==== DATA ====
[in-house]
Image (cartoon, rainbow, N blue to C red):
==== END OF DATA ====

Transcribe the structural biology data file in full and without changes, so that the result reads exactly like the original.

[in-house]
Image (cartoon, rainbow, N blue to C red):